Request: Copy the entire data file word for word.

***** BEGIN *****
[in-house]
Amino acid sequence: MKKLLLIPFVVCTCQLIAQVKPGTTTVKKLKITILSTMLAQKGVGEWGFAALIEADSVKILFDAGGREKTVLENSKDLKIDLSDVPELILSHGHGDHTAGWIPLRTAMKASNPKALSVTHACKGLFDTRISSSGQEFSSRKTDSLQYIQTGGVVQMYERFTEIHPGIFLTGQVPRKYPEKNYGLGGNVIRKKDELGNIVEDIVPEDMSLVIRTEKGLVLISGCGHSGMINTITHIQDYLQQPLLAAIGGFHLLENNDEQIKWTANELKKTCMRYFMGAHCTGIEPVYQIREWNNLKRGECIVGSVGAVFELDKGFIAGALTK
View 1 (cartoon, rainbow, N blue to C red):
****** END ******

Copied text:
[in-house]
Amino acid sequence: MKKLLLIPFVVCTCQLIAQVKPGTTTVKKLKITILSTMLAQKGVGEWGFAALIEADSVKILFDAGGREKTVLENSKDLKIDLSDVPELILSHGHGDHTAGWIPLRTAMKASNPKALSVTHACKGLFDTRISSSGQEFSSRKTDSLQYIQTGGVVQMYERFTEIHPGIFLTGQVPRKYPEKNYGLGGNVIRKKDELGNIVEDIVPEDMSLVIRTEKGLVLISGCGHSGMINTITHIQDYLQQPLLAAIGGFHLLENNDEQIKWTANELKKTCMRYFMGAHCTGIEPVYQIREWNNLKRGECIVGSVGAVFELDKGFIAGALTK
View 1 (cartoon, rainbow, N blue to C red):